This year’s Midnight Madness slot at Toronto International Film Festival kicked off with a hell of a bang. Rather than show some indie underseen genre offering or that latest shock feature from a previously established horror master they went ahead and premiered The Predator. Accusations of selling out and populism came and went. Then the film premiered and goddamn it, The Predator was a great choice to kick off TIFF’s only program dedicated to explosions and entrails.
The much hyped return of the classic movie monster helmed by wisecracking action movie master Shane Black (Kiss Kiss Bang Bang, Lethal Weapon, Iron Man 3, etc.) is a relentless thrillride filled with enough salty language, laughs, explosions, and beautifully senseless violence was a perfect way to celebrate the art of sensationalistic trash at the movies. It might not be a perfect Predator movie, but it is undeniably the best entry in the franchise since the original (and aside from the second Alien Vs. Predator movie, that franchise is pretty damn solid).
The plot whipped up by Black and his former Monster Squad screenwriting partner Fred Dekker is mostly just joyous nonsense used to string together set pieces, but that’s all you really need. Boyd Holbrook plays one of the military’s greatest sharpshooters who encounters a Predator in the jungle and ends up being arrested by his own military as part of the cover up. He soon finds himself on a prison bus filled with a Dirty Dozen-esque gang of lovable army nutcases (including a Keegan-Michael Key in wisecracking mode and Thomas Jane playing a character with Tourette’s syndrome). In a big ol’ movie coincidence, he’s also in the town where his autistic son (Jacob Tremblay) lives, and locked up on a base where a team of scientists (including Olivia Munn) are studying the captured Predator. Wouldn’t ya know it? That Predator busts out and causes a ruckus. All of the main characters we’ve been introduced to must band together to fight the alien hunter, and a second even taller and scarier Predator (accompanied by Predator dogs!) shows up as well. Next thing you know people are dying and cracking one-liners non-stop. It’s pretty damn fun.
Shane Black might be a filmmaker with a following amongst film buffs, snobs, and critics, but he’s also a guy who wants nothing more than to plaster big dopey grins on the faces of his audience. That makes him an ideal candidate for this sort of flick and he delivers the goods. All of the characters have a collection of zingers to rattle off and do so constantly. The film scores laughs poking gentle fun at the franchise (including a fantastic running gag about how “predator” isn’t exactly the most apt name for this movie monster), while also filling the first half with delightful call backs, in-jokes, and references to everything people love about the iconic original movie (the score, the choppa, everything). It’s a blockbuster romp, plain and simple. A popcorn movie made by people who love popcorn movies for people who love popcorn movies. Just add butter and enjoy.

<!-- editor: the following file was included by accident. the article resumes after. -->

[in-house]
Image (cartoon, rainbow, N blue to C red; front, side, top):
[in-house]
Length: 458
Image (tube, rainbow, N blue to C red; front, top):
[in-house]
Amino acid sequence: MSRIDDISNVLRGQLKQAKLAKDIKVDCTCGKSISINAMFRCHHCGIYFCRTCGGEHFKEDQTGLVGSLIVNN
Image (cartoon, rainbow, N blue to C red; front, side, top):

The action is also brutal and delightful. Blood is shed freely. The film earns it’s R-rating without ever leaving the realm of pure goofy fun. Black was clearly awarded the biggest budget in the history of the franchise (making a billion dollar Iron Man movie tends to loosen those studio purse strings) and takes full advantage. Despite the small town setting and contained cast, the film is massive in it’s spectacle and piles on the blood n’ carnage with glee. Black and Dekker clearly adore this franchise and have a few amusing twists to add to the old formulas and mythologies that should make longtime fans smile and also set up sequels without forcing things. In an era when studios are catering to fan service, it’s always nice to see actual fans in charge of the brand-driven blockbusters. That makes all the difference.
Of course, since this is a massive movie by a major studio, there are the typical problems that come along with such productions. There are times when the fast-paced entertainment delivery system can feel rather choppily edited. Clearly there were many reshoots and recuts along the journey of bringing this puppy to the screen that can feel a bit awkward incorporated. Likewise, there’s really no subtext of meaning to be gleamed out of this flick no matter how hard you try. It’s all surface pleasures. Big dumb Predator fun delivered by smart people making the movie they’d want to see Honestly, what more could you want from the sixth entry in a sci-fi/horror/action franchise that’s been around for 30 years?
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